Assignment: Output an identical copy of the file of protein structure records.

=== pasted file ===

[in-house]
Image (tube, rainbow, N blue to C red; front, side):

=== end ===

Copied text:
[in-house]
Image (tube, rainbow, N blue to C red; front, side):